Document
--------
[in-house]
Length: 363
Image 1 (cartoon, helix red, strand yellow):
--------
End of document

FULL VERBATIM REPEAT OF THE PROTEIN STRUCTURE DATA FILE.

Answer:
[in-house]
Length: 363
Image 1 (cartoon, helix red, strand yellow):